By Jessy Gill – Policy Specialist
After four life-defining years at Community Food and Justice Coalition, I write to say thank you and farewell – though not goodbye. It has been an honor and a pleasure to work so closely with the incredible partners and members of CFJC.
I came to the Bay as Occupy was beginning to gain traction. It was a time when young white middle class post-grads (like myself) were connecting the dots in their own life, recognizing what they had learned about the way of the world is not how it plays out for all. Joined and guided by those already working on issues such as student loan debt, corporate consolidation and greed, congressional accountability, etc., a new group of people started to wake up. Meanwhile nothing changed for those historically oppressed and disenfranchised, and people of color were largely left out or not included in the conversation.
With all the faults of Occupy, it remains a marker – establishing a new way to talk about the state of this country.
People are struggling, fighting, many barely surviving. As CFJC works on all levels to achieve systemic change, we hear and see stories like this every day. We see electeds making drastic cuts and refusing to invest in critical legislation and programs; organizations laying off staff and shutting down important programs making a tangible difference due to lack of funding; people being kicked and pushed out of their homes, and bearing witness to increased violence in their neighborhoods and what seems to be never-ending poverty.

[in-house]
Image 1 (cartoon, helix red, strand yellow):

Now, in a way we haven’t seen for some time, the country is watching, and people are starting to pay attention and listen – listening to tragedies, to stories of hope, to innovative solutions. Listening until they reach understanding and stepping back to recognize they can never fully understand. What we’re seeing in the Bay, and in areas across the country thanks to the Black Lives Matter movement, are allies stepping up to support, and stepping back to follow the leadership of individuals who live the realities of racially-charged tragedies daily, to follow new leaders, old leaders, and people who don’t yet realize what kind of leaders they can be (or already are).
A cultural shift is coming. And as we start to redefine what this country looks like, we will need all our networks activated and attentive.
I am sorrowed to leave CFJC, an organization that has functioned as a support system for community members and community-based initiatives for the last several years. An organization that re-defined itself on the value of creating safe space, building relationships, and Freire’s Popular Education practices. I have learned more from the knowledge, leadership, and guidance of CFJC Members, partners, and staff than I can truly say. And I look forward to continuing to learn from the CFJC networks, and to stand as a friend and partner on the other side of the Country.